"Brining the vaccines to them helps to overcome those barriers and make it a lot more accessible to them," said Executive Director Genoveva Islas.
Barriers such as language, technology, or transportation can be why someone doesn't get their vaccine even if they are eligible.
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"If you do not have a computer at home, those things affect how easy it would be to register. I think the gap that Cultiva La Salud fills is that we are known in small towns in Fresno County," Islas said.
Joe Austin and his wife Marilyn are from the small town of Laton. They've been waiting to find a place where the Johnson & Johnson vaccine would be available and preferably in a small community like Del Rey.
"It's been great, it's a small town, and they need it because we can't get to the big town or want to get to the big town," said both Joe and Marilyn.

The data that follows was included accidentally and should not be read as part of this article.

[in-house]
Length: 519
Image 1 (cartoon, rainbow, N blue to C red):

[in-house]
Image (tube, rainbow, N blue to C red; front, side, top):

Juan Munoz with Cultiva La Salud was raised in Del Rey. For him, serving the community he lived in hit a little closer to home.
"It feels like I am doing something right," said Munoz, "I grew up here, so I've seen this place go a long way. Letting them know and bringing vaccines feels rewarding."
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Thursday is the first day those 50 and older qualify to get the vaccine in California. Islas hopes this will bring more people in the small communities out to their partnered clinics.
"Increasing the eligibility and letting more people come in, we are excited because more people will come, and we will be able to serve more in the community," Islas said.
She says every vaccine counts to reach herd immunity and hopes those in smaller communities will feel supported when getting their vaccination.